Amid broad bipartisan agreement on resiliency, flood mitigation and land conservation policy and funding in Raleigh, there are certain terms that still raise suspicion among some in the legislature.
Both chambers plan to spend $25.7 billion this year and $26.7 billion next year, but a House and Senate conference committee are set to begin working through differences large and small.
The House budget unveiled Thursday includes almost $2 billion for flood prevention, resiliency and stormwater and wastewater infrastructure, but a provision affecting wetlands protection may conflict with those goals.
North Carolina’s Land and Water Fund for conservation and restoration projects is on track for an appropriation at a level not seen in more than a decade.
The state Senate’s two-year spending plan approved last week includes funding for fisheries research, expanding the shellfish lease program and a new loan program for growers, along with a new dedicated fund for Ferry Division capital expenses.
Provisions aimed at stepping up state monitoring of contaminants known as per-and poly-fluoroalkyl substances were wrapped into the Senate budget plan released this week.
House and Senate negotiators last week settled on increased budget ceilings for the next two years, but exact numbers by department have yet to be spelled out.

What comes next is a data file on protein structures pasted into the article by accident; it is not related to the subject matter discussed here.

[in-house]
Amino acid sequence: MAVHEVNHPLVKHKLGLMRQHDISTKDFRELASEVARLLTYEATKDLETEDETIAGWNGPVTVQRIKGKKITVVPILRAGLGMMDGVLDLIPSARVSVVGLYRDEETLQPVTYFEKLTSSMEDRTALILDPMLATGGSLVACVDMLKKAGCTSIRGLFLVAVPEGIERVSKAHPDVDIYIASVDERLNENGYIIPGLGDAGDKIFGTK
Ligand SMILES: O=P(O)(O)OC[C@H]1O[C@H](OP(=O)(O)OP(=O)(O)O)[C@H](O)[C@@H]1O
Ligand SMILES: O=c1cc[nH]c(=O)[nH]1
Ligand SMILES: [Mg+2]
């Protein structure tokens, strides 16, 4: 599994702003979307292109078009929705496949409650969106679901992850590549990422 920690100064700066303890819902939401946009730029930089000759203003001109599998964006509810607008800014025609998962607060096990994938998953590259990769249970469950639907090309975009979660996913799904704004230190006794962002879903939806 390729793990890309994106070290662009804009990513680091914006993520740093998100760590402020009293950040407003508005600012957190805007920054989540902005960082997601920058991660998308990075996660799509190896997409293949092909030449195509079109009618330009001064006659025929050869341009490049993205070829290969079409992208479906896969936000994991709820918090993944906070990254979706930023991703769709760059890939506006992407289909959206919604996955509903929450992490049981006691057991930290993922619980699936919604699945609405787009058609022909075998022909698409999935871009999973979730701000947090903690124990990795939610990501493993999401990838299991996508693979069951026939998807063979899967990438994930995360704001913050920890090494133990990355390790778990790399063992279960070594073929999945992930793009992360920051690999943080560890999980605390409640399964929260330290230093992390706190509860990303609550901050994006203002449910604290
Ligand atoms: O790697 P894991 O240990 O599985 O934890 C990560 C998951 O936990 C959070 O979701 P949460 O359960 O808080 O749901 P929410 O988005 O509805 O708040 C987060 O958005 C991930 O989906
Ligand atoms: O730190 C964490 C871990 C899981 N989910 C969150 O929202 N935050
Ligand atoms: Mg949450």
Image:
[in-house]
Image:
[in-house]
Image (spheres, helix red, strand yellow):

The House and Senate continue to address flood prevention and resilience in this year’s session of North Carolina General Assembly.
This year’s farm bill includes a provision creating a general permit for animal operations to build and operate farm digester systems for capturing methane for energy.
Economic uncertainty associated with the coronavirus pandemic clouds what would be a rosy budget outlook, as coastal legislators seek funding for state attractions.
Legislation filed last week in the North Carolina General Assembly is aimed at getting federal help to extend jetties at Oregon Inlet and build a proposed terminal groin at North Topsail Beach.
With Gov. Roy Cooper now in his second term and the legislature convening Wednesday, budget and pandemic response agreements remain on the to-do list from last year.
Retirements, redistricting and possible shifts in voter preferences all stand to shift the balance of power in the legislature come Nov. 3.
Gov. Roy Cooper announced this week a state spending proposal, including plans for the state’s unspent coronavirus relief, which Senate budget writers were quick to dismiss.
The pandemic has increased funding pressures on the state’s already strained Department of Natural and Cultural Resources and trust funds for clean water projects and parks.
With staggering revenue shortfalls from the pandemic and the yearslong budget stalemate, slashed funding for state environmental programs and project delays are inevitable.